Lord's Day = The Sabbath??

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Sonoftheday

Puritan Board Sophomore
I have been intensely studying the Sabbath/Lord's day over the past couple of months because I knew I would be teaching over it as I took a group through systematic theology. Something that I have rather strange is that there are people who deny the Lord's day being a christian sabbath, but they teach the same things should be done and avoided as many of those who call it a sabbath. Why is this, is there difference of understanding between what the word sabbath means, or is there an actual difference in their teaching. This seems more common among those who hold the view of the Heidelberg catechism than the Westminster Catechism. One person will represent the argument only exactly the same as represented in the HC and will say that the Lord's Day is not the sabbath, where another will represent the same and say it is.

The only reason I can think of for them not calling it a sabbath is they do not want tie the Old Testament ceremonies that were performed on the Sabbath to the Lord's Day.
 

Semper Fidelis

2 Timothy 2:24-25
Staff member
I think most people have a lesser or stronger dispensational view of the Scriptures and don't see the Sabbath for what it was even when it was attended with all the rituals and ceremonies. They tend to forget that Abraham and his seed have always been saved by grace and that David could cry out how he loved the Law of God. This wasn't a love that was borne out of his ability to keep it perfectly either.

Another argument against it is that people see in the term a strict reference to it only being the seventh day of the week but my understanding of the Scriptures is that the institution is for one day in seven (6 days you shall labor and the 7th belongs to the Lord). If you don't see the Scriptures as a unit then it's easy to forget that even this institution pointed forward to a time when Christ would be working on the Sabbath while He was still in the grave and rose again on the Lord's Day where we now gather one day in seven to worship God on the Christian Sabbath.

Some other resources:

Naphtali Press » The Fourth Commandment
The Christian Sabbath: Examined, Proved, Applied
The Christian Sabbath by R.L. Dabney
 

Contra_Mundum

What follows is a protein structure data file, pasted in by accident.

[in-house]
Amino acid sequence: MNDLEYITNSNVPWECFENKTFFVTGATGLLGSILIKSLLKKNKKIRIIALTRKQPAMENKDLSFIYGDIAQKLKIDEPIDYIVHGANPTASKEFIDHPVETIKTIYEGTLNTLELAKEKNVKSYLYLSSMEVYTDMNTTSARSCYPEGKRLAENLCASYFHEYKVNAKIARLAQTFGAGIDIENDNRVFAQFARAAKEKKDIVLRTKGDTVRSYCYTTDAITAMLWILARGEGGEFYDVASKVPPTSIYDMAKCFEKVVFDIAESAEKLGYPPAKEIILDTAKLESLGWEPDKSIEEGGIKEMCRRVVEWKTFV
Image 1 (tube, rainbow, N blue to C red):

Pilgrim, Alien, Stranger
Staff member
Jesus is "Lord of the Sabbath." Therefore, he is the one (and only) who has the right to dictate its observance. The Sabbath has always, and continues to be the day God takes for himself, commands his worship, and grants us the privilege to come and receive his blessing, rest from our labors. It was made "for man," that is for us who seek his face.

Starting on the day he rose, GOD the Son began to meet with his people on the first day of the week, and then exactly one week later, then (so we read) on Ascension Day, and we have no reason to doubt the intervening first days as well. Clearly the apostles understood that GOD was coming to meet with the gathered church on the first day. And he came and poured out his Spirit upon them on Pentecost (another first-day gathering), and so we find first-day gatherings noted in Acts (20:7), or noted by Paul in his epistle (1 Cor 16:2).

God calls the meeting. It's Jesus' gathering, the LORD'S Day. It isn't our meeting, and Jesus shows up when WE call it. No, we are the attenders, the invitees. It really is no more complicated than that.
 

KMK

Administrator
Staff member
God calls the meeting. It's Jesus' gathering, the LORD'S Day. It isn't our meeting, and Jesus shows up when WE call it. No, we are the attenders, the invitees. It really is no more complicated than that.

Excellent point!
 

Sonoftheday

Puritan Board Sophomore
Bruce, I agree totally. But why do some people who hold this same view as you(and I) say it is wrong to call it a sabbath, or Christian Sabbath?
 

Anton Bruckner

Puritan Board Professor
even if one doesn't believe in the sabbath (which one should) tits practicality and its benefits are amazing.